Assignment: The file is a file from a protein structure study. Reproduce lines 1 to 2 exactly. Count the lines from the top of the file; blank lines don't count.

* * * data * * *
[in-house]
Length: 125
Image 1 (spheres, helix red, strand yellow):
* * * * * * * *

[in-house]
Length: 125